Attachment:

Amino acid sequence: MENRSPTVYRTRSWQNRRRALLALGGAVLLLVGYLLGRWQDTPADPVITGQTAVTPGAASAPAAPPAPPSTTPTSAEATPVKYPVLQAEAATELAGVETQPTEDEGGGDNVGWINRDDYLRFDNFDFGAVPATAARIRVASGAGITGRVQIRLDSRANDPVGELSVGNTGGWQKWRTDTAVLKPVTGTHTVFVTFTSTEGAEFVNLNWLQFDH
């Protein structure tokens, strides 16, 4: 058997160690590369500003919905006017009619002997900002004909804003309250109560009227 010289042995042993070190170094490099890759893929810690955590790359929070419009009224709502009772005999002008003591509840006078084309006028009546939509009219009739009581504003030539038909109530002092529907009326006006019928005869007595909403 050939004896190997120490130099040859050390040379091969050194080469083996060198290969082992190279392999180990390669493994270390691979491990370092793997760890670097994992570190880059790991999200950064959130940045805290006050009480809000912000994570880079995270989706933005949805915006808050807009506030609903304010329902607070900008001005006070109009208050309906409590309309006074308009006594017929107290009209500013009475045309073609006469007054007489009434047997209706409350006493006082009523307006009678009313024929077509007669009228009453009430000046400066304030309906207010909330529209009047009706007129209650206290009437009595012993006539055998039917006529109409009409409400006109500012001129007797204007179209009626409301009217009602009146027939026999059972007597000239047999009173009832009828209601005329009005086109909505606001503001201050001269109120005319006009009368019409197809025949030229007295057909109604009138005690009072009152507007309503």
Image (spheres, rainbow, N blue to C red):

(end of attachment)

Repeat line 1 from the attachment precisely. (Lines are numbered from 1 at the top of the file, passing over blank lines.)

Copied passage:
Amino acid sequence: MENRSPTVYRTRSWQNRRRALLALGGAVLLLVGYLLGRWQDTPADPVITGQTAVTPGAASAPAAPPAPPSTTPTSAEATPVKYPVLQAEAATELAGVETQPTEDEGGGDNVGWINRDDYLRFDNFDFGAVPATAARIRVASGAGITGRVQIRLDSRANDPVGELSVGNTGGWQKWRTDTAVLKPVTGTHTVFVTFTSTEGAEFVNLNWLQFDH